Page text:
Thanks for writing. I believe the recently-discussed 'peppered moth'
fiasco underlines what we all know already, viz that atheists (such as
Dawkins and Crick) are desperate to find hard evidence supporting
evolution. From the examples of Haeckel and Kettlewell we see that such
desperation can lead even "reasonable people" to act wickedly (entirely
in keeping with biblical principles!). I therefore stand by my
suggestion that evolution, as a theory, is unique in being one that
would never be allowed to fail.
On the basis of it being true, much money, time, and effort is being
expended in detecting highly-developed forms of extraterrestial life.
Clearly, whether evolution is true or false, this 'daughter theory' (viz
that such life forms exist) is unfalsifiable. Yet, if firm evidence of
an alien civilization were to be found as a result of these ongoing
investigations, wouldn't that be hailed as a comprehensive vindication
of terrestial evolution? The possibility that it might represent another
of God's creative acts would, I suggest, be brushed aside.
In my view, this universalisation of the theory leads, logically, to the
conclusion I proposed, viz in extremis, the basis of evolution is
unfalsifiable in the true Popperian sense.
You suggest that this argument leads to a situation in which "... all
scientific theories can be similarly amended so as to make them
unfalsifiable." I've tried to think of an example. Do you have one?
> Note: Vernon, on one hand you seem to agree that evolution can be
> falsified. You write: "Kevin, you list several events which, were any > to occur, should kill evolution stone dead." In fact I get the
> impression that you think evolution is false or already falsified. Yet > later you argue that it cannot be falsified. I don't see how it can be > both. Either it cannot be falsified, in which case prudent dissenters > should stop wasting their time trying to disprove it, or it is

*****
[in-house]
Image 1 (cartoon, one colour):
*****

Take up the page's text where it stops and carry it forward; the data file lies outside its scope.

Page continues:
> falsifiable, in which case counter-arguments are worth making.
As far as I am concerned, evolution is a false doctrine - a conclusion
arrived at essentially from theological considerations. Regarding the
tangible falsification scenarios suggested by Kevin, each seems to be
watertight; yet, if one should arise, experience informs me that it
would immediately be 'interpreted' by the atheist lobby, and explained
away. In other words, the strongly-presented view that evolution is
science, is an illusion; it is, de facto, nothing more than metaphysics.
> Aside - In a later reply to Brian, Vernon suggests that birds
> were created on the 5th day and land animals on the 6th day.
> Let me comment that this hypothesis about the order of creation
> can be examined as a scientific question. Yet whether the "days"
> in question were 24-hours or longer periods of time, there is
> little evidence to support this hypothesis and much more that
> argues against it. If we are to use Popper's arguments, then
> we should conclude that this creation-order hypothesis is
> falsified. And if as Vernon claims, the existence of God is
> truly co-dependent on the creation-order hypothesis, then
> we should conclude that Vernon's God has likewise been falsified.
> I think this illustrates Brian's and Howard's concerns about
> rashly overconfident Biblical literalists driving people away from
Tim, I hardly think my understanding of Genesis 1 constitutes a
'hypothesis'! The fact that you think it does raises questions about
your attitude to the scriptures in general. Can I ask on what basis you
decide what passages to believe, and what to discard? I seems clear to
me that your regard for evolution is greater than for God's word - a
situation which takes us to the Lord's warning concerning 'two masters'
If the created order is 'birds, then land animals', (your reference to
the meaning of 'day' is clearly irrelevant!) as I believe it is, where
does that leave the theistic evolutionist?
[Musician, Mining Engineer, and Senior Lecturer in Maths and Computing,
the Polytechnic of Wales (now the University of Glamorgan), 1954-87]